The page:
Wednesday, 12 September 2012

Post-2015 Blog Week: 'Trained teachers for all must be a priority' by Caroline Pearce, Global Campaign for Education

Caroline Pearce is Head of Policy at Global Campaign for Education,  a civil society movement that aims to end the global education crisis. Here she examines current progress on education and outlines what must be done to improve this after 2015.

Education is sometimes seen as one of the successes of the Millennium Development Goals. Even though the targets – universal primary education by 2015 (MDG 2) and gender parity in primary and secondary education, preferably by 2005 (MDG 3) – will not be met by 2015, nevertheless huge progress has been made. In 2000, there were 100 million children of primary school age out of school, and by 2010 this had fallen to 61 million, even as populations rose. There are now at least nine girls for every 10 boys in primary schools in every region of the world (although that’s not the case at secondary level). Progress has been possible because of campaigners around the world using the MDGs to hold governments to account; the Global Campaign for Education (GCE)’s member coalitions in 96 countries have been very active in reminding governments – both south and north – of their promises

But, clearly, this progress still leaves huge gaps. The gaps are even more striking when we look at the other commitments to realize the right to education made in 2000: the six goals agreed in the Dakar Framework For Action on Education For All. As well as the two education goals included in the MDGs, these targets included expansion of early childhood care and education, access to skills and training for young people and adults, significant improvements in adult literacy rates (especially for women), and improvement in the quality of education. Donor governments also promised that “no countries seriously committed to Education for All will be thwarted in their achievement of this goal by a lack of resources”.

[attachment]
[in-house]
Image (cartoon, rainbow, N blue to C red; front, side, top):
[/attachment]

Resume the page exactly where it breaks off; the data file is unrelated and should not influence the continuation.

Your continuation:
The education quality goal has become a subject of particular scrutiny: it has long been a concern for GCE members, and is now getting increasing political attention. The latest research suggests that between a quarter and three quarters of children in the lowest income countries cannot read after two or even three years of school. GCE believes that this is because a crucial element has been missing: trained teachers for all. Getting children into school is only half the struggle; we must also put the same effort into ensuring that they all have a well-trained teacher. We are still 1.7 million teachers short of the number needed for universal primary education by 2015, and in Africa, only half of all the teachers who are in schools have little or no training. Given donors’ promise on financing, there is no excuse for this continuing gap.

GCE is still consulting with its members on the post-2015 framework for education. But it is very clear that any future agreement must not neglect the promises already made, both in the MDGs and in the Education For All framework.

(photo: Global Campaign for Education)
It must also be rooted in an understanding of human rights – which implies both equity, and the responsibility of states and the international community. Human rights are essentially indivisible, and as an example, we can see this in the way that failure to realize the right to water and sanitation can block access to the right to education. When girls have to go a long distance to fetch water (and it is usually girls), that can keep them out of school; and when there are no adequate sanitation facilities in schools, that can make them drop out (particularly when they reach puberty). A collective demand for the recognition and equitable realization of universal rights must be at the heart of our post-2015 demands.

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